Russia's Flag Day may not be a public holiday, but it that country it merits celebrations every Aug. 22 nonetheless. The flag itself, a centuries-old symbol, has been used the flag of modern Russia only since 1991. Like the American flag, it is red, white and blue -- but its background is considerably different.
Here are 10 things to know about this simple red, white and blue banner with a rich and varied history.
1. The flag was first officially adopted Jan. 20, 1705. Czar Peter the Great ordered merchant vessels to fly the banner, which was first raised on the warship the Eagle, under the reign of Alexei Mikhailovich, who was Peter's father.
2. The Russian navy then used the flag to mark territory. In 1806, a group of Russian explorers hoisted it, along with the navy's flag, on Southern Sakhalin, to show that the North Pacific island belonged to Russia.
3. In 1896, the night before Nicholas II became czar, the flag was officially adopted as the national flag of Russia.
4. Each of the three colors is symbolic. The red represents the state, the blue represents Russia's protector, the Virgin Mary, and the white represents freedom, according to Russia's Sputnik News.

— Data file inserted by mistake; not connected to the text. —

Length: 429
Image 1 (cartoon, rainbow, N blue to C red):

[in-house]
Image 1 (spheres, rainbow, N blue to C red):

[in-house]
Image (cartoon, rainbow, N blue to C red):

5. In 1923, after the Bolshevik Revolution, the Communist Party's red banner with a yellow hammer and sickle replaced the red, white and blue banner of imperial Russia.
6. After the collapse of the Soviet Union, the tricolored flag returned in August 1991. Flag Day became an annual holiday in 1994.
7. A year 2000 law originally ordered that the flag be used only on official occasions. But with the passage of a different law in 2014, the flag may now be used in any circumstances that express patriotism.
8. Flag Day is not an official holiday but is celebrated widely. In 2013, more than 40 events in Moscow alone commemorated the day, the Moscow Times reported.
9. A recent poll showed 64 percent of Russian respondents could name the colors in the flag and their position in the flag. Seven percent were not able to name either.
10. Some say the flag represents the idea of pan-Slavism, with white representing Belarus or "White Russia," blue standing for Ukraine, and red symbolizing Russia itself, Sputnik reported.